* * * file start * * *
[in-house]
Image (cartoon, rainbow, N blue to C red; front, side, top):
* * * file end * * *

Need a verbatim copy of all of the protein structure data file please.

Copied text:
[in-house]
Image (cartoon, rainbow, N blue to C red; front, side, top):